The cost Code of Conduct complaints

The cost of Code of Conduct complaints

Georges River Council spent $35,344 dealing with Code of Conduct complaints in the year to September, 2021.

This figure was a reduction from $201,232 for the previous year due to a special complaints management arrangement with the Office of Local Government.

A special complaints management arrangement is entered into where the OLG considers that the number or nature of code of conduct complaints made about a person (or persons) has imposed a disproportionate cost burden on the council.

This arrangement has resulted in the OLG undertaking the assessment of the majority of Council's Code of Conduct complaints and bearing the cost.

The council's Code of Conduct Complaints Statistics for the year to September, 2021 were submitted to the November 22 council meeting.

They showed:

28 Code of Conduct complaints were made to the year September, 2921.

Of these, three were referred to the conduct reviewer. One was unsubstantiated and two were investigated by the conduct reviewer.

There were four formal censures.

A total of 22 of the Code of Conduct complaints matters were reviewed by the OLG.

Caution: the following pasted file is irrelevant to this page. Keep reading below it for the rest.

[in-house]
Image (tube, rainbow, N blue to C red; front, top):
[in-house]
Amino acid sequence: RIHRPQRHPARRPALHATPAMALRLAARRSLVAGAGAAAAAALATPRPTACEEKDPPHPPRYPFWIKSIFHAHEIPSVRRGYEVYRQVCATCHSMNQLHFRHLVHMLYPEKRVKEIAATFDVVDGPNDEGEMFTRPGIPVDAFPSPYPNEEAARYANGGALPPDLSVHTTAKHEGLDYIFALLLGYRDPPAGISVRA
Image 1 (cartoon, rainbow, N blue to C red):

Of these, nine were unsubstantiated and 13 are pending.

The cost of dealing with the Code of Conduct complaints was funded by the council's OGM Consultancy budget.

Figures reported to Office of Local Government show 395 code of conduct complaints were received from NSW councils in 2019-20, with the cost of dealing with them amounting to $1,593 416.

There were only 48 complaints where a breach of the Code was found.

The data also shows that 154 more complaints were made in 2019-20 than the previous year, while the amount spent investigating them increased by $635,000.

The Model Code of Conduct for Local Councils in NSW comes under section 440 of the Local Government Act (LGA) and sets the minimum standards of conduct for councillors and council staff.

Failure to comply with the standards of conduct prescribed under the code constitutes misconduct under the Act.

The Act provides for a range of penalties that may be imposed on councillors for misconduct, including suspension or disqualification from civic office.

A councillor who has been suspended on three or more occasions for misconduct is automatically disqualified from holding civic office for five years.

Failure by a member of staff to comply with a council's code of conduct may give rise to disciplinary action.